Marriage provides other benefits and responsibilities than just a tax break.
I’m not sure this is entirely accurate, since California is coming out predominantly “No”, but, if my news accurately reported the fallout of that proposition 8 bollocks, that isn’t entirely true…
Víctor Pimentel says
But there’s a problem with the question… It’s in a double negative form!
“No” stands against the opinion of being against gay marriage. I don’t doubt this has confused many people, voting for Yes when they wanted to do for No…
You can see that many comments in that online poll don’t accord with the option they have voted for.
Unfortunately, California has entered in to the union of Redneckistan with this latest election.
And, just so you know, that tax break you’re so miffed about saved my wife and I a total of $30 last year.
It’s beyond my comprehension why people still waste their time, and that of their neighbors (and in this day and age, bandwidth), trying to turn their most trivial personal issues into a matter of law.
Sure, there’s estate laws and the like as well. I focus on the tax breaks because it seems like the least fair. If it’s about benefiting people with children, give tax breaks to parents, not couples. Etc.
I’m not against people being able to receive benefits like those offered in marriage; I’m just against them being offered to you solely because you’re married.
And if there are no legal aspects associated with marriage, should it still be governed by law?
It’s a bitter irony to see my California running to “No” on this poll. :(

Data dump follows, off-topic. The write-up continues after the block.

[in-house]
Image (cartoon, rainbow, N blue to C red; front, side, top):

Curt Cameron says
Yay – Texas is no longer in Redneckistan!
Brownian, OM says
particularly considering that it has no ‘cost’
Tell that to the thousands of stand up comedians who’ve been riffing on Henny Youngman material for decades.
Am I right, folks, am I right?
Paper Hand says
Wow, what a great comment here on that site:
The tax break is negligible. Last year, two people with 50K taxable incomes paid 8930 each in federal taxes. If they were married, they paid 8920.50 each. $10 apiece is reason to “oppose all state sponsored marriage”?
You seem really focuses on the amount. Are you purposely ignoring the intent?
It is a benefit. Does the government have any business in declaring who is and isn’t married, or offering people benefits based on that status? It wouldn’t matter if the government taxed people MORE for being married, I’d still be opposed.
It’s presumably a union (generally religious) that is between TWO people. Since the terms of that union (vows) aren’t held by force of law, does the government have ANY business using that status as a measure for anything?
One of the “Yes” responses made me laugh:
Presumably being the child of a moron is high on their list of nagging concerns.
Oh… and Amy #6 FTW
Because it’s a bloody trifling amount to get your knickers in a twist over. You were the one focusing on the tax break.
A microscopic one that amounts to a rounding error.
They don’t declare anything. They acknowledge it. It’s bloody paperwork. Does the government have any business declaring who owns your house? Your car?
And responsibilities. And why not?
Being married gives those people legal obligations that have the force of law, as well as benefits to each other that have the force of law, so yeah, the government does have an interest in knowing who is and isn’t married.
Do you oppose corporations?
I don’t want my kids to have to decide what their sexual orientation is.